A new variation of one of older forms of phishing attacks has surfaced recently, and many of the most popular browsers like Firefox, Opera, and even Chrome have been discovered to be vulnerable to it. The way this works is by hackers creating fake domains and passing them as websites of some of the biggest companies, including Google, Apple, Ebay, and many others corporate giants.
The new variation of what was once known as homograph attack was discovered by Xudong Zheng, a Chinese researcher. The original homograph attack was discovered back in 2001 by Alex Gontmakher and Evgeniy Gabrilovich, two Israeli researchers.
Several years ago, it was decided by ICANN that non-ASCII characters should be allowed in website domains. The problem that influenced this decision was that some of the Unicode characters looked the same when written in both, Latin and Cyrillic, for example, the letter “a”. When written in Latin, “a” was U+0041, but in Cyrillic, “a” was U+0430. The system would have figured out the difference, but the users wouldn’t and that would leave us all opened for phishing attacks.
As a solution, Punycode was brought into use. Punycode was prepared to handle the situation, and its way of operating was a representation of Unicode text through the use of ASCII characters. That way, the Chinese “短“ was now being written as “xn—s7y.”
Browsers were then configured to read Punycode’s URL’s and show them as Unicode’s characters to the user. Of course, it was soon realized that hackers could use this too, and find a loophole so that their attacks might work in this environment as well. If some of them decided to register a domain as xn-pple-43d.com, the user would see apple.com, and the only difference from the real apple domain would be that the fake one had Cyrillic “a” at the beginning.
Another solution was suggested and many browsers decided to go with it, and this was the filter that only allowed domains that are written in a single language, meaning that everything with a combination of Latin and Cyrillic letters would be considered a phishing website.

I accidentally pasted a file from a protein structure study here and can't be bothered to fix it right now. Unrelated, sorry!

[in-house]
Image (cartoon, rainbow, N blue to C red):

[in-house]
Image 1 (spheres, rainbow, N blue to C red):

Now, Zheng figured out another way that hackers could potentially exploit the situation. Since many Unicode character families contain the same letters as Latin, a hacker could use another language’s characters that look the same as the ones in Latin and create a fake domain. It would all be considered the same language, and it would bypass the filter, but it would still lead to a phishing website.
Zheng decided to demonstrate this by creating a demo page, and its code is 80ak6aa92e.com. The browser would translate this into apple.com, but this is written entirely in Cyrillic characters (a=a, p=r etc.), which would probably trick every user.
Many browsers were tested in order to see what would be displayed, and only three recognizes apple.com (Chrome, Opera, and Firefox) while the others displayed the Punycode URL (Internet Explorer, Edge, Vivaldi, Safari, and Brave).
Zheng reported this to Google and Mozilla, and Google has already fixed this in Chrome Canary 59, while a permanent fix will be delivered in Chrome Stable 58 sometime this month. On the other hand, Mozilla is still working on their fix.